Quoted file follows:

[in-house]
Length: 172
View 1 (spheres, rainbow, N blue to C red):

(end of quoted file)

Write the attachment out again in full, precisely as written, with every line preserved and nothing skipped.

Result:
[in-house]
Length: 172
View 1 (spheres, rainbow, N blue to C red):